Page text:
Georgina Scambler is 33-years-old, she’s a wife and a mum to two children…she’s also an intern.
Today on My Interning Life aspiring journalist Georgina writes in her own words about interning, family and finally chasing your dreams.
Ultimate dream job would be an international food writer—I’d be a younger, slightly less cynical Anthony Bourdain travelling and writing about my experiences sampling the best and the strangest cuisine the world has to offer. More realistic dream job: journalist for a community newspaper. I love telling local stories, giving a voice to people and organisations that tend to be ignored by the big dailies.
I recently completed two weeks at Leader Newspapers in Preston, and absolutely loved the experience. I didn’t really know what to expect, I thought perhaps I’d be making coffees and doing the little briefs that nobody else wanted to deal with. On my second day I was in West Melbourne covering an animal rights protest at the ALP headquarters, then back in the office with my copy filed and online less than two hours later.
It was such a thrill, and reinforced for me that a news journalist is what I’m meant to be, and worth fighting for despite the industry’s bleak outlook. This week I’m starting another internship at Docklands News, which I’ll do one day a week.
I’m also a subeditor for the Australian Breastfeeding Association’s Essence magazine, and I contribute to Mum’s Lounge website.
A different kind of intern
My experience is probably quite different from the average intern. I’m older, I’ve done my entire degree remotely/online, and I am a full time mother of two small children, so that presents some unique challenges when it comes to finding time for study and interning.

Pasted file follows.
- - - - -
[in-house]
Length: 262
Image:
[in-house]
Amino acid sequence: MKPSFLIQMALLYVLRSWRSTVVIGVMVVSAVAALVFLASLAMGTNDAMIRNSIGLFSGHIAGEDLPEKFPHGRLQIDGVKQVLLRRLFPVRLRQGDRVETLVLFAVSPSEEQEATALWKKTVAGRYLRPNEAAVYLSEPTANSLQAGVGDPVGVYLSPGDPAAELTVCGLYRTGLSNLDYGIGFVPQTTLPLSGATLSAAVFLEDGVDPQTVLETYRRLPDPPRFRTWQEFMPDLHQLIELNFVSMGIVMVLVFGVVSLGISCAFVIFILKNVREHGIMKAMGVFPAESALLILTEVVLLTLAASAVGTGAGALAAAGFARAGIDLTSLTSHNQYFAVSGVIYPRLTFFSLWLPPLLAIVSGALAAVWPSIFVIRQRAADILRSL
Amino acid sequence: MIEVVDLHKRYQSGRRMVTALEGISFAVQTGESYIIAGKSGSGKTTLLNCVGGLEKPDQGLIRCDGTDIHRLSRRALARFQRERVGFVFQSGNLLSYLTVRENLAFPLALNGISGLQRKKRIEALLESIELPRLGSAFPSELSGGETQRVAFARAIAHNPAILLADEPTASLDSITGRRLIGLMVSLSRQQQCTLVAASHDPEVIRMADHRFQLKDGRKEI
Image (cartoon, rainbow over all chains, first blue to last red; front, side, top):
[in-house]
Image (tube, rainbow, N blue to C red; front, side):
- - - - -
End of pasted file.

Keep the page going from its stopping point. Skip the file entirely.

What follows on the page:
As a remote student the opportunities to network and make important industry contacts have been limited, so I’ve had to look for different ways to create my own opportunities. As the mother of young children, the Australian Breastfeeding Association was a perfect place for me to volunteer and start getting real experience, and I’ve now been a subeditor for Essence magazine for the past year.
I was then fortunate to meet Nick Richardson, group news editor of Leader Newspapers, at a MediaPass Student Industry Day in March. I basically begged him for a tour of the HWT building, and from there was offered work experience. I tell all my online study buddies to take any opportunity they can to get out and meet people or get some kind of journalism experience. It’s not always easy for me to arrange babysitters and juggle commitments to attend student days or do an internship, but I know it’s what I have to do if I’m to have any chance of a career, so I make it work.
Following my dream
I remember wanting to be a journalist when I was in Grade 6, but somehow I got distracted from this dream as I finished high school. After a fairly disastrous time at university studying Science/Law, I eventually deferred, never went back, and spent the next eight years working in various jobs including customer service, property management and real estate administration.
Five of those years were spent living and working in the UK and US with my now husband. When we returned to Australia and had our first baby, I decided the time was right for me to go back and have a crack at journalism, which had always been niggling at the back of my mind. There have been a few times I’ve wondered if it was a big mistake and thought the pressures of parenting and study were too much for me, but I love journalism, and even if I don’t end up with my dream job I will have no regrets.
I realise a 30-something graduate might not be what some employers are looking for, but I believe I have unique qualities and experience that contribute to my skills as a journalist, and I’m confident there will be a place for me somewhere.